When you work within an industry like IT security, you can sometimes get blindsided. Perhaps you feel untouchable by the bad stuff out there, simply because you know it exists, and you know how to secure against it.
Here’s a good example: many who are knowledgeable about IT security KNOW that multi-factor authentication (2FA) is a vital security measure, yet many haven’t turned it on for the majority of their apps (not that all apps offer 2FA, and you should reconsider the value of an app if it doesn’t offer you this additional protection).
Only a few months ago, the press was ablaze with bigwigs like Mark Zuckerberg and having their accounts snatched by an unauthorised infiltrator. Having two-step verification (2SV), let alone 2FA, would helped to mitigate this problem.
Now, we don’t argue that it is painful to set up 2FA individually for every account, but it is one of today’s most recommended methods to prevent account hijacking. So, let’s dive in.
What is 2FA and how is it different from 2SV?
When we sign into an account, you enter credentials to prove you are allowed to access the information within the account.
The best way to explain 2FA is probably using Security Expert Neil Rubenking’s wording:
“There are three generally recognized factors for authentication: something you know (such as a password), something you have (such as a hardware token or cell phone), and something you are (such as your fingerprint). Two-factor means the system is using two of these options.”
Note that 2FA is different from two-step verification (2SV). The former requires entries from two different authentication factors. The latter does require two steps of authentication, but from the same authentication factor.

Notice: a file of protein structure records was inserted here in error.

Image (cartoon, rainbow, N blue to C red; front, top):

In other words, 2SV is not as inherently safe as 2FA, but 2SV is better much safer than simply relying on just a password as your safeguard your accounts.
Why you need 2FA?
The concept is simple: it is harder to break into two or more authentication factors than it is a single authentication factor.
An example of 2FA would be that you require both a passcode (something you know) and a swipe of a physical card (something you have) to gain access.
So 2FA is a good idea. Even bodies like the PCI Standards Council and the National Institute of Standards and Technology (NIST) both advocate the use of multi-factor authentication, provided it is implemented correctly.
So, how should I implement 2FA?
The National Institute of Standards and Technology (NIST) has recently denounced the use of SMS-based digital authentication because the security level relies on how the phone is configured.
If a user has text messages configured to display on the locked screen, anyone with access to the phone can grab the second authentication factor. Granted, access to the one of the connected devices is required, but the security issue here is worrying enough for NIST to denounce its use.
So what are the options now? There are a number of authentication services you can choose from. Some of these are specific to a vendor, such as Google or Microsoft. Others are independent and can be used for multiple applications from different vendors.
Here is our shortlist:
Where you should turn on 2FA?
This is one of those rare situations where more is better. We are talking social media accounts, Google, DropBox, retail apps, financial apps like PayPal, etc I mean, just check out this list of popular apps to see whether 2FA is available.
Basically, You really want to try and lock down as many apps as possible with 2FA. And yes, we know it is painful, but trust us, it is worth it.
And if you want some step-by-step instructions on how to go about turning on 2FA, we’ve provided some links below for you:
- How to Geek: Secure yourself by using two-step verification on these 16 webs services
- The ultimate guide to two-factor authentication
- Gizmodo’s How to Enable Two-Factor Authentication on All Your Accounts